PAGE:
SWANSEA, Wales. September 5. The Trades' Union congress today voted to accumulate a fund with which to fight the house of lords picketing decision and other legal wrongs. The congress also agreed to convene a national conference of the representatives of all the trade and beneficial societies to formulate a practical old age pension scheme.

September 21, 1902, Los Angeles Herald, Los Angeles, California, U.S.A.

A Shipload of Anthracite Beaches New York

NEW YORK, Sept. 20. The first consignment of anthracite coal which large dealers and consumers have found i recessary to import on account of the coal miners' strike in the anthracite region of Pennsylvania, reached this port on board the steamer Devonshire, which left Swansea, Wales, on September 6. A second consignment is expected to arrive here in a few days on the steamer Glencoe, which left Swansea four days after the Devonshire sailed. These two shipments consist of about 8000 tons.

It is rumored that orders have been placed in Wales for hundreds of tons of anthracite coal, and that contracts have been made for the immediate shipment to this city of from 20,000 to 30,000 tons.

May 10, 1904, San Francisco Call

Ashore at Swansea

The British ship Vincent from Oregon is reported ashore at Swansea. It is expected that she will be floated oft on the next tide. The Vincent left Portland December 18. Her carso consisted of 67,045 bushels of grain, valued at $88,330.

1899. World's Fleet. Boston Daily Globe

Lloyds Register of Shipping gives the entire fleet of the world as 28,180 steamers and sailing vessels, with a total tonnage of 27,673,628, of which 39 perent are British.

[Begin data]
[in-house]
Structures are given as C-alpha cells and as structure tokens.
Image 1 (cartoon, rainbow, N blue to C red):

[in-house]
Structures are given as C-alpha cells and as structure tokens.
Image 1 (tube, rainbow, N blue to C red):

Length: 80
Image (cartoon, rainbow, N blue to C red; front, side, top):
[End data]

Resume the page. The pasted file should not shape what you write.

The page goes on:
Great Britain10,990 vessels, total tonnage of 10,792,714
United States 3,010 vessels, total tonnage of 2,405,887
Norway 2,528 vessels, tonnage of 1,604,230
Germany 1,676 vessels, with a tonnage of 2,453,334, in which are included her particularly large ships.
Sweden 1,408 vessels with a tonnage of 643, 527
Italy1,150 vessels
France 1,182 vessels

For Historical Comparison
Top 10 Maritime Nations Ranked by Value (2017)

  Country # of Vessels







1 Greece 4,453 206.47 $88.0
2 Japan 4,317 150.26 $79.8
3 China 4,938 159.71 $71.7
4 USA 2,399 55.92 $46.5
5 Singapore 2,662 64.03 $41.7
6 Norway 1,668 39.68 $41.1
7 Germany 2,923 81.17 $30.3
8 UK 883 28.78 $24.3
9 Denmark 1,040 36.17 $23.4
10 South Korea 1,484 49.88 $20.1
Total 26,767 87.21 $466.9

The Project

Maritime Nations, Ships, Sea Captains, Merchants, Merchandise, Ship Passengers and VIPs sailing into San Francisco during the 1800s.



Merchant Shipping

Merchant Shipping.Merchant Shipping and Ancient Commerce.  
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Sources: As noted on entries and through research centers including National Archives, San Bruno, California; CDNC: California Digital Newspaper Collection; San Francisco Main Library History Collection; and Maritime Museums and Collections in Australia, China, Denmark, England, Finland, Germany, Ireland, Wales, Norway, Scotland, Spain, Sweden, etc.